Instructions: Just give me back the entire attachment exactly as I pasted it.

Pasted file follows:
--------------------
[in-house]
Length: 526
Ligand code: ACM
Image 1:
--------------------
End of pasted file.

[in-house]
Length: 526
Ligand code: ACM
Image 1: